Stephen Vaughan has become the first owner of a professional football club required to reduce his shareholding because, according to FA rules, he is no longer a "fit and proper person", reports The Guardian. Vaughan, a Liverpool businessman who bought the Conference club Chester City in 2001 and owns 100% of the shares, was last week disqualified from acting as a director of any company until November 2020, following his involvement in a £500,000 VAT fraud.
The FA's rules, which apply to Conference clubs, state that anybody disqualified as a company director cannot hold 30% or more of a club's shares. The FA will write to Vaughan requiring him to sell or give up his majority stake in City within 21 days of the disqualification taking effect on 25 November.
If he does not comply, the club could ultimately be expelled from the Conference.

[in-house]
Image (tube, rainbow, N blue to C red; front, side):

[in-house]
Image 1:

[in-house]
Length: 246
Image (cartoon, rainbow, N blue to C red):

In a statement, the FA said: "We are aware of the Insolvency Service decision and will be taking necessary steps under the requirements of the fit and proper person test."
The case could test the rules' effectiveness, however, because according to City's managing director, Bob Gray, Vaughan may hand the shares to one of his sons.
"He has to relinquish his shares," Gray acknowledged, "but who he gives them to is up to him. He could keep them within the family."
If that happened, the FA would have to be satisfied that Vaughan was not still "exercising direct or indirect control" over the club's affairs, which the rules prohibit for somebody declared not "fit and proper".